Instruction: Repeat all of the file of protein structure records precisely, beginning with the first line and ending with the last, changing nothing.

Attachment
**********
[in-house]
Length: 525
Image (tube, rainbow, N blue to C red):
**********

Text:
[in-house]
Length: 525
Image (tube, rainbow, N blue to C red):